1 March 2018

bulletproof kinks

Bulletproof what?

I'm sure it happens to you occasionally: you hear or read about a book, a movie or a TV series, and something instantly pique your curiosity, making you say "Oooh, that sounds like my cup of tea!"

As explained in this post by author (and avid reader) Sonia Gensler, "bulletproof kinks" — a term originally borrowed from fanfiction, but that can now easily be applied to all works of fiction — refer to plot elements that hold an irresistible attraction for a reader or viewer; they may include situations, characters, settings or themes.

So you've had bulletproof kinks all this time and never suspected it!

Here are a few of mine...


- strange tales told to or by travellers (these occur several times in M.R. James' Collected Ghost Stories)

- a "treasure hunt" made up of clues that, once deciphered, lead to other clues (The Falls by Ian Rankin; episode of the Endeavour tv series entitled "Fugue")

- the struggle to live with limited means, especially as pertains to food, whether in penurious rural or urban areas, on naval ships, in wartime, in dystopian settings, etc. (I know, this is rather niche, but it's a long-established fascination and it's still going strong!) (Jean de Florette and Manon of the Spring by Marcel Pagnol, Patrick O'Brian's Aubrey-Maturin series)


- very close sisters (Jane Austen's Sense and Sensibility; movie adaptation of Babette's Feast by Karen Blixen)

- beings or creatures from folklore (e.g. the changeling in The Good People by Hannah Kent)

- librarians (Cemetery of Forgotten Books series by Carlos Ruiz Zafón)


- United Kingdom or Ireland (of all settings, this is sure to pique my interest when I read a book's blurb); bonus points if combined with one or more of my other bulletproof kinks

- labyrinths (although these usually work better on screen, Mr Humphreys and his Inheritance by M.R. James is quite well done)

- self-contained communities (island, monastery/convent, isolated or small village, house in the middle of nowhere, ship at sea, girls' boarding school) (Death in Holy Orders by P.D. James; Patrick O'Brian's Aubrey-Maturin novels again; Sonia Gensler's own The Revenant; The Name of the Rose by Umberto Eco; Cranford by Elizabeth Gaskell)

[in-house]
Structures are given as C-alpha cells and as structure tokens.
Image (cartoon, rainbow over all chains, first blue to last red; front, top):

- the "hidden" side (or under-side) of a well-known place (Neverwhere by Neil Gaiman; the Harry Potter series to a certain extent)

- academe, especially from a feminine perspective (Gaudy Night by Dorothy L. Sayers)


- books and literature (the Cemetery of Forgotten Books series by Carlos Ruiz Zafón fits here as well; Jasper Fforde's Thursday Next series, about a detective able to enter books to investigate crimes)

- unsolved mysteries from the past, whether related to an object, a building or a disappearance; bonus points if a supernatural explanation is one of the theories (Wilkie Collins' The Moonstone; Possession by A.S. Byatt; Daphne Du Maurier's Rebecca)

- growth in self-confidence and self-reliance of a downtrodden character (hence my admiration for Jane Eyre by Charlotte Brontë and for Helen Graham in The Tenant of Wildfell Hall by Anne Brontë)

- a family over multiple generations; this is a fairly recent one, as I clearly remember not even being willing to entertain the idea of reading a family saga when I was younger (Barkskins by Annie Proulx; One Hundred Years of Solitude by Gabriel García Márquez; Do Not Say We Have Nothing by Madeleine Thien)

Out of curiosity, what are your bulletproof kinks?


  1. Hmmm, concept intéressant… et bonne question! Vite comme ça, il n'y a rien de spécial qui me vienne en tête, mais je sens que je vais continuer à ruminer la question. J'ai l'impression que j'ai plus de «repoussoirs assurés» que de bulletproof kinks, ou c'est juste qu'ils me viennent en tête plus facilement. Quoi qu'il en soit, je vais réfléchir à tout ça. Merci d'avoir partagé les tiens! J'aurais pu en deviner un certain nombre, mais pas tous.

    1. Oh là là, moi aussi j'ai pas mal de «repoussoirs assurés», dont plusieurs que j'ai identifiés tout récemment!


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